What exactly is IP? Literature defines Intellectual Property as “unique, value-adding creations of the human intellect that results from human ingenuity, creativity and inventiveness.”10 IP regards as a general term for innovation and invention. Both of them are attached to the development of new products and services. Innovations are associated with commercialization of new ideas, while inventions may not be directly related to commercialization.11 Innovations and inventions can be protected by wide range of protecting instruments; nonetheless, some inventions do not need any protection because not all inventions have a commercial potential.

The development of IP is closely associated with factors such as learning, experience, and Research and Development (R&D) activities. Each of these elements contributes to the generation of new knowledge and to the number of technological improvements. The knowledge factor was recognized as an important determinant, driving output growth (Solow) and is considered along with such basic classic inputs like labour, land and capital.12 That is the reason why the second half of the 20th century was considered as the ‘century of knowledge’. The evidence for increased knowledge intensity is particular observable in technology-based industries and service brunches.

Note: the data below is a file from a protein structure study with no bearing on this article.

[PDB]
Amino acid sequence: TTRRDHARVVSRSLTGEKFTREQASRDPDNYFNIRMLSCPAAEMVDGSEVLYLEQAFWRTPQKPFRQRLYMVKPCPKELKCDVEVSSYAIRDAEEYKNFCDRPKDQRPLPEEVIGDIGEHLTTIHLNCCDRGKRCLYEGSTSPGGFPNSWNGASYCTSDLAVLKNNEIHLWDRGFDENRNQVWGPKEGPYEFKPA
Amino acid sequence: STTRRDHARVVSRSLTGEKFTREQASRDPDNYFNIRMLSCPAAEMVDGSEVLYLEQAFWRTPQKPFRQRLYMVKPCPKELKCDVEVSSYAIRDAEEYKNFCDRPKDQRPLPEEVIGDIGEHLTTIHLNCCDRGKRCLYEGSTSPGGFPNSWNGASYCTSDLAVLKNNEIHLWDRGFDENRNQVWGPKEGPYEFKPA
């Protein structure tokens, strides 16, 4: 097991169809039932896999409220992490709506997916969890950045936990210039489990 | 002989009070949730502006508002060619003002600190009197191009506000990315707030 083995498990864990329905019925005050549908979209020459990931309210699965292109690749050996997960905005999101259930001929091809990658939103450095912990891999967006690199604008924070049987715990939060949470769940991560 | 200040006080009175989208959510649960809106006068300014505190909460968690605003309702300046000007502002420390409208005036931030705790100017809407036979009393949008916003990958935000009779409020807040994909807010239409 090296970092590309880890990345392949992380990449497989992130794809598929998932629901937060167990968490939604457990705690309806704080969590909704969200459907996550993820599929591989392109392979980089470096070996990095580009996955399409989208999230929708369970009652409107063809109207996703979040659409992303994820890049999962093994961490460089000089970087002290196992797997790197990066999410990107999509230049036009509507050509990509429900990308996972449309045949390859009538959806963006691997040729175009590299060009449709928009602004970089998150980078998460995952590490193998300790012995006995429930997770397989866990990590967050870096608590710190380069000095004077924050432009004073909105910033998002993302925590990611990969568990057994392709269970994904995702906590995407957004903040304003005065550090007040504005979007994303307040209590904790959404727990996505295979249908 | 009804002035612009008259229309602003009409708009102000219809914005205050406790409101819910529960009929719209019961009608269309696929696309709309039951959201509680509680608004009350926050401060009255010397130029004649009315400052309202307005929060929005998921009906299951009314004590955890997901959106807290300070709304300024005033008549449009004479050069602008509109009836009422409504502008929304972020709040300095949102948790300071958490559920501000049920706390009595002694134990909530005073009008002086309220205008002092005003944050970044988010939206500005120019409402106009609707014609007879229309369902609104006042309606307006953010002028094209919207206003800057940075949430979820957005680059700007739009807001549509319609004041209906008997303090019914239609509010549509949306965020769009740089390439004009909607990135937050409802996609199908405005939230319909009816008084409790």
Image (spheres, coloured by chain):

1.1.2. Features of Intellectual Property: uncertainty, inappropriability and indivisibility

IP is usually based on knowledge and information. Unlike to physical goods, intellectual capital has the features of a public good: it is inherently non-rivalrous and non-excludable. The former means, that one person’s use of the good does not reduce another’s use. For example IP in form of a computer program or certain technical idea might be owned, used and enjoyed by several users. Non-excludability of IP means that nobody can be excluded from using this good without authorization. Indeed, if innovative creation is valuable and can be copied easily or used by others, there may be an incentive of free riding on someone’s investment. This problem can lead to lower incentives to innovate and invest in R&D. Therefore, it is in the interests of society to provide defined property rights on innovations, which create the legal protection and prevent others from accessing them.

Comparing intangible assets with physical goods, theory affirms that generating and sale of knowledge and Intellectual Property is subject to market failure with its three classical attributes: uncertainty, innapropriability and indivisibility.13